Inspiring school children from Kendal, Cumbria, were buzzing around London’s Carnaby Street today (8 July) as they won a government award for their work to protect bees and other pollinators, such as hoverflies and moths.
The pupils from Heron Hill Primary School in Kendal were presented with a Bees’ Needs School Champion Award certificate by Defra Biosecurity Minister Lord Gardiner, and George McGavin, environment ambassador for the Year of Green Action, entomologist and author.
The children received their certificates at the official launch event of Bees’ Needs Week 2019 which kicked off on Carnaby Street, renamed Carnabee Street for the week-long campaign (8-14 July).
The students from Heron Hill Primary School were recognised for their work caring for honey bee hives and becoming certified junior beekeepers by the British Bee Keeping Association (BBKA).
The students received their award outside the ‘Hive’ – a pop-up space off Carnabee Street – that showcases the innovative work from the Bees’ Needs Week partners such as the Bumblebee Conservation Trust and Kew.
Visitors to the ‘Hive’ will be able to get up close to the bee action with a live Bumblearium from the University of Reading, a virtual reality experience from Kew Gardens, and a honey sampling station.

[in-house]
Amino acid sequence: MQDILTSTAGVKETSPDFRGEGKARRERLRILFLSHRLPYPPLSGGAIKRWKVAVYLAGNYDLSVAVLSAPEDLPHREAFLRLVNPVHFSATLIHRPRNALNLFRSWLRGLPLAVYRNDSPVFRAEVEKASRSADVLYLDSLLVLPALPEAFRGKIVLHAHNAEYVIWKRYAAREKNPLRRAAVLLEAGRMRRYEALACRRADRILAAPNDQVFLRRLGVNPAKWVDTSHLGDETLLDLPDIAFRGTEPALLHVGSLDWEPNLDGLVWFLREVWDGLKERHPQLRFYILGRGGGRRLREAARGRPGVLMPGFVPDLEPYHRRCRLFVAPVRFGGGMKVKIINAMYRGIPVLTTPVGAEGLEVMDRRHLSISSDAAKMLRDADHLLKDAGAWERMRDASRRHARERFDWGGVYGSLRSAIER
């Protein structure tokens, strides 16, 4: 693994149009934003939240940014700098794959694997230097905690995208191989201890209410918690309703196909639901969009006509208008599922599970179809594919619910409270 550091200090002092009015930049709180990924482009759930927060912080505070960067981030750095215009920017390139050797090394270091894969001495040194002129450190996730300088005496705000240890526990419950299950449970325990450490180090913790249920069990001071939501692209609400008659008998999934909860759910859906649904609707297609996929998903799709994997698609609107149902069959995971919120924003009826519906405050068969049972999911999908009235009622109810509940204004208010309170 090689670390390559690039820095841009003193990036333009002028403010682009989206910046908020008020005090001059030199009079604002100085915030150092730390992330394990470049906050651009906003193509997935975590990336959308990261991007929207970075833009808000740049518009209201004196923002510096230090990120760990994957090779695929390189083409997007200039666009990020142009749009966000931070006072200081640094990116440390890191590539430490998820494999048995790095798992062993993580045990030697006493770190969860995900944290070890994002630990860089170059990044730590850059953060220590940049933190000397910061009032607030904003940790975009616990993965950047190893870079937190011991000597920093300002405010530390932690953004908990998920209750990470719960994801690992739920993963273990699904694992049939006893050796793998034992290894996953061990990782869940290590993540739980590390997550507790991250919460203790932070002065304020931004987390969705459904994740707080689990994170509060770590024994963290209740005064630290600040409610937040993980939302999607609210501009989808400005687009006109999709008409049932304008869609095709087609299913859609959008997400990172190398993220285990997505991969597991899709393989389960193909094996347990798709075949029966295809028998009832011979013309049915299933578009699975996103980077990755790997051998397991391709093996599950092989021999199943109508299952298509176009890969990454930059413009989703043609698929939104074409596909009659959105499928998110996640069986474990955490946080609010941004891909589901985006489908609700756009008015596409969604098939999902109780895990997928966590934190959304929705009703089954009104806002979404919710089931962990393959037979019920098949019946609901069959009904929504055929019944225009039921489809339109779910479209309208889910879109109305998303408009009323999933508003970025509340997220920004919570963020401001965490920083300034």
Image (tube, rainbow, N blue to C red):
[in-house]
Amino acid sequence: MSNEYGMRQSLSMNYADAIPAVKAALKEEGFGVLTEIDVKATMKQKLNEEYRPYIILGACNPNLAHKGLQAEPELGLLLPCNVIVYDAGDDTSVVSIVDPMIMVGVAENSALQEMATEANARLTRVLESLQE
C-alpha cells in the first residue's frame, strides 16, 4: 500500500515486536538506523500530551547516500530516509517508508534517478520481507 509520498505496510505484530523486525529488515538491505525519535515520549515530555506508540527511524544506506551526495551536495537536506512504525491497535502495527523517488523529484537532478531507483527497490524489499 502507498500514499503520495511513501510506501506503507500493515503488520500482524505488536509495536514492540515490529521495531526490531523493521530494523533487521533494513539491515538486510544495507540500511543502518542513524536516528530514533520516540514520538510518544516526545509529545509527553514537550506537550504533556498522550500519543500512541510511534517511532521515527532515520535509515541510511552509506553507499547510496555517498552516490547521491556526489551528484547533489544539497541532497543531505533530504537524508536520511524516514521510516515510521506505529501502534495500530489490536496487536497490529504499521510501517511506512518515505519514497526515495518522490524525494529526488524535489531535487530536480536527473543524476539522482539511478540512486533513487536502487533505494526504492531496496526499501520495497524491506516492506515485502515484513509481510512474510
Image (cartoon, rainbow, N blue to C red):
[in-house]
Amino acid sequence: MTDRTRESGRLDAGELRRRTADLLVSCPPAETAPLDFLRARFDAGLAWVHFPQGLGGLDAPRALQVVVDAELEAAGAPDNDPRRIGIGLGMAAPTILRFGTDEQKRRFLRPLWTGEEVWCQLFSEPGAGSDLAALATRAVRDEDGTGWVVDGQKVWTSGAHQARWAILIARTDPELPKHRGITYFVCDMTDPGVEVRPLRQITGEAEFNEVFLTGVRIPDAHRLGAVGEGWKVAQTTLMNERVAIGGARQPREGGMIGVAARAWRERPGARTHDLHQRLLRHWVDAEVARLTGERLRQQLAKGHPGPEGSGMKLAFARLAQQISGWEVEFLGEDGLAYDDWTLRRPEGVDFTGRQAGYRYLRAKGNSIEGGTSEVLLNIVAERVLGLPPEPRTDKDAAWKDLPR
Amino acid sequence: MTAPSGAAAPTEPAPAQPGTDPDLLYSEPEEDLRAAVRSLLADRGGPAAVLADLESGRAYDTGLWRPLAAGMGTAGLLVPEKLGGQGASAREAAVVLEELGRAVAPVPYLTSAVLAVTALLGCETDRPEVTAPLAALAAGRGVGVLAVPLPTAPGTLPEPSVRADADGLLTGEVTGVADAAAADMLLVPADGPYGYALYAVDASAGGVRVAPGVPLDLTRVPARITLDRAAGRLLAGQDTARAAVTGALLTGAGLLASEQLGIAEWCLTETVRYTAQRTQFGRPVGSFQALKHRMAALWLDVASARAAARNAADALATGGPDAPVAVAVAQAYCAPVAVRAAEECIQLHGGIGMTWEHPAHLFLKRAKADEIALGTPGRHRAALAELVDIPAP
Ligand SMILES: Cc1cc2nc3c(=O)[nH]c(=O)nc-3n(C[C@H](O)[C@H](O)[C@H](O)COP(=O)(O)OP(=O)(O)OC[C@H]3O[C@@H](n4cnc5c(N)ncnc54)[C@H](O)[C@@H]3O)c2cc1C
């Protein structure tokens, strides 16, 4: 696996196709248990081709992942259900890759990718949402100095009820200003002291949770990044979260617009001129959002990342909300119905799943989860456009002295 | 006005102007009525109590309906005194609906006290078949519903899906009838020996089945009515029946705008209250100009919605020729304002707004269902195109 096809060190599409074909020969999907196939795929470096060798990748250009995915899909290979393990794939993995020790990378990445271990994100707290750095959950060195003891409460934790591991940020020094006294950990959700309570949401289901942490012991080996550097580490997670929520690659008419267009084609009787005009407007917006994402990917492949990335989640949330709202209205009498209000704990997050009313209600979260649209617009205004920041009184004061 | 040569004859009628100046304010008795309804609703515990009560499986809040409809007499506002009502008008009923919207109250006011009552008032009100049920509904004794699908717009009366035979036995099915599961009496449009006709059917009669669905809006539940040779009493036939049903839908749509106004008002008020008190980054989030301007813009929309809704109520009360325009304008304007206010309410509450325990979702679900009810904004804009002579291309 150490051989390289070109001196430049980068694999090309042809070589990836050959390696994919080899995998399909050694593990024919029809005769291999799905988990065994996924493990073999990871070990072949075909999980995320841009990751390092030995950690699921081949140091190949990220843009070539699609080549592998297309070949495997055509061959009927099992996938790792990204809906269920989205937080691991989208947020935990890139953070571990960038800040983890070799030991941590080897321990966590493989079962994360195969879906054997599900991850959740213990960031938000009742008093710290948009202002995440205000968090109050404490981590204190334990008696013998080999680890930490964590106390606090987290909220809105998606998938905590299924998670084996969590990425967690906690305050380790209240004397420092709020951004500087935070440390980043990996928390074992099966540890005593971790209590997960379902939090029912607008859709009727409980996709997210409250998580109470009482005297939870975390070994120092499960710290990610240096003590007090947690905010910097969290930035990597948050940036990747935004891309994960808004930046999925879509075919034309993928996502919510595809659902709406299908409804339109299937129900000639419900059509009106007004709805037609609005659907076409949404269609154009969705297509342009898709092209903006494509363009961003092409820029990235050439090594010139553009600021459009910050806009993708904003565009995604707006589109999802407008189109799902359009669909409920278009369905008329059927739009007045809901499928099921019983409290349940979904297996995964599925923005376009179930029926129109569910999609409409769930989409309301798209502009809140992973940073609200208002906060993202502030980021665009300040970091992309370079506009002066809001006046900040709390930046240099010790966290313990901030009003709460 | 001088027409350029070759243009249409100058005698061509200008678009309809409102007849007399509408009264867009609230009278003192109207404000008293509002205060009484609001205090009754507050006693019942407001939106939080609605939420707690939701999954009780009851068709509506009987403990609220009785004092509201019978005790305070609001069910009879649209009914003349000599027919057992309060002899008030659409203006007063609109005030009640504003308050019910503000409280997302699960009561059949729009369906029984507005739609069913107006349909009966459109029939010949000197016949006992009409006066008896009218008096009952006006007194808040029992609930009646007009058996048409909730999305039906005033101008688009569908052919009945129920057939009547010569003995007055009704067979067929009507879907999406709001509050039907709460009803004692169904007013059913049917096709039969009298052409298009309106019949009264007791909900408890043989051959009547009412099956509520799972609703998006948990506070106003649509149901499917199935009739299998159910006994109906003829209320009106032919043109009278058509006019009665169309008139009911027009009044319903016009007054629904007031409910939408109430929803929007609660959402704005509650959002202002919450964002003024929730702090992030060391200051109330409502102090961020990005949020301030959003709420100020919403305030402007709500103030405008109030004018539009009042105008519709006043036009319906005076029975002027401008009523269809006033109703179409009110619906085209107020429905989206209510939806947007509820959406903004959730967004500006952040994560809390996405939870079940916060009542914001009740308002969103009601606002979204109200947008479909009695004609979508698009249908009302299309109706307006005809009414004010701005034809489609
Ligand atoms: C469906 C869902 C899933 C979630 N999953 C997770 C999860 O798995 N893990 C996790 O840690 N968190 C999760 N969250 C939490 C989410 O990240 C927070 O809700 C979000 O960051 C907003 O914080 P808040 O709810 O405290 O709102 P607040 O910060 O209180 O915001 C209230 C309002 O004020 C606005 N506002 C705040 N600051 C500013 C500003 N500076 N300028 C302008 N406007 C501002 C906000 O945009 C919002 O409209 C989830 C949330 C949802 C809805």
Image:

Lord Gardiner, Minister for Biosecurity, said of the award winners: “Pollinating insects are an essential part of our lives as they provide the food we eat and also contribute to our beautiful landscapes.
“I am delighted to award the Schools Champion Award to Heron Hill Primary School to recognise their wonderful work in helping our pollinators.
“Raising awareness of what we all can do to help pollinators is essential and I hope these outstanding children will inspire others to do the same and do their bit to help this Year of Green Action.”
Year of Green Action Ambassador George McGavin said: “I’m hugely encouraged to see such a high level of engagement from the next generation of bee champions.
“Children understand about environmental issues better than most adults – they know their future depends on it.
“If you start out understanding the importance of bees there’s a good chance things will get better.”